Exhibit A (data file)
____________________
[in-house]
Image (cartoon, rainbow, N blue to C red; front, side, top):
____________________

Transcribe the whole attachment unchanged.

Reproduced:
[in-house]
Image (cartoon, rainbow, N blue to C red; front, side, top):